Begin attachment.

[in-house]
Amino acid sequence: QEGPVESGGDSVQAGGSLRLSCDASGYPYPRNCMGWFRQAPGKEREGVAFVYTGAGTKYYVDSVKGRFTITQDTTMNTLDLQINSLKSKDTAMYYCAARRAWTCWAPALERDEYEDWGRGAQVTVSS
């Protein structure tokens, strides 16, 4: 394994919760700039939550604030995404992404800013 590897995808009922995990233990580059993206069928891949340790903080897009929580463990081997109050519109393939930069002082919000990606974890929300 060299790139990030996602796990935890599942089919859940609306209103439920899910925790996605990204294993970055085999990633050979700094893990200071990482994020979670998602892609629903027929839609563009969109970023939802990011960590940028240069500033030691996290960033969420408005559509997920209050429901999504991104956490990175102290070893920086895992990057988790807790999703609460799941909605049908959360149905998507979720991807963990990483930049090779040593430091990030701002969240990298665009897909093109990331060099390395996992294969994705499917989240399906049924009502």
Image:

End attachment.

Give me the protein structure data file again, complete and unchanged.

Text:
[in-house]
Amino acid sequence: QEGPVESGGDSVQAGGSLRLSCDASGYPYPRNCMGWFRQAPGKEREGVAFVYTGAGTKYYVDSVKGRFTITQDTTMNTLDLQINSLKSKDTAMYYCAARRAWTCWAPALERDEYEDWGRGAQVTVSS
């Protein structure tokens, strides 16, 4: 394994919760700039939550604030995404992404800013 590897995808009922995990233990580059993206069928891949340790903080897009929580463990081997109050519109393939930069002082919000990606974890929300 060299790139990030996602796990935890599942089919859940609306209103439920899910925790996605990204294993970055085999990633050979700094893990200071990482994020979670998602892609629903027929839609563009969109970023939802990011960590940028240069500033030691996290960033969420408005559509997920209050429901999504991104956490990175102290070893920086895992990057988790807790999703609460799941909605049908959360149905998507979720991807963990990483930049090779040593430091990030701002969240990298665009897909093109990331060099390395996992294969994705499917989240399906049924009502």
Image: